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Abdominal and Pelvic Pain
CAPT Mike Hughey, MC, USNR
Operational Obstetrics & Gynecology · Bureau of Medicine and Surgery · 2000
Slide 1
Uncertainty of Diagnosis
“When I see a woman with
abdominal or pelvic pain, I
often haven't a clue as to
what the problem is, even
using ultrasound, a full lab,
and countless consultants.”
“All I know is that the patient
is sick with something.”
Operational Obstetrics & Gynecology · Bureau of Medicine and Surgery · 2000
Slide 2
The Point is:
“In gynecology, the
diagnosis is often
obscure.”
“You must frequently
treat the patient before
you know the correct
diagnosis.”
Operational Obstetrics & Gynecology · Bureau of Medicine and Surgery · 2000
Slide 3
The Other Point is:
“More important than
knowing the correct
diagnosis is doing the right
thing for the patient.”
Operational Obstetrics & Gynecology · Bureau of Medicine and Surgery · 2000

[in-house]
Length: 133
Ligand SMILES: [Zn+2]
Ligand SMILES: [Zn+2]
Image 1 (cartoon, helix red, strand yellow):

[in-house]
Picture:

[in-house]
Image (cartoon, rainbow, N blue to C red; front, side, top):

Slide 4
Pain of Unknown Cause
Bedrest for a few days is
never the wrong thing to
do.
Operational Obstetrics & Gynecology · Bureau of Medicine and Surgery · 2000
Slide 5
Pain and Fever
•Give antibiotics to cover
PID
•Mild symptoms respond to
PO drugs.
•Severe symptoms respond
to IVs.
Operational Obstetrics & Gynecology · Bureau of Medicine and Surgery · 2000
Slide 6
Chronic Pelvic Pain
• Doxycycline
• OCPs
• Refer to GYN if
pain persists
Operational Obstetrics & Gynecology · Bureau of Medicine and Surgery · 2000
Slide 7
Pregnancy Test
Every patient complaining
of lower abdominal pain
should have a pregnancy
test.
Operational Obstetrics & Gynecology · Bureau of Medicine and Surgery · 2000
Slide 8
BCPs and Pain
•
Most with chronic pain
benefit from BCPs
-dysmenorrhea
-ovarian cysts
-endometriosis
-adenomyosis
•
Monophasic better
•
Cyclic vs. Continuous
Operational Obstetrics & Gynecology · Bureau of Medicine and Surgery · 2000
Slide 9
Dysmenorrhea
• Painful Periods
– Back ache
– Pelvic cramps
• NSAIDs
• BCPs
• If persistent and
severe, laparoscopy to
rule out endometriosis
Operational Obstetrics & Gynecology · Bureau of Medicine and Surgery · 2000
Slide 10
Mittelschmerz
SUN
MON
TUE
WED
THU
FRI
SAT
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P
•
•
•
•
Mid-cycle pain
Unilateral
NSAIDs
BCPs
Operational Obstetrics & Gynecology · Bureau of Medicine and Surgery · 2000
Slide 11
IUDs and Pain
ALWAYS, remove the IUD
Operational Obstetrics & Gynecology · Bureau of Medicine and Surgery · 2000
Slide 12
IUDs and Pain
•5% become infected
•Pain, tenderness, fever
•Remove IUD and begin ABx
•Oral or IV, depending on
high fever or severe symptoms.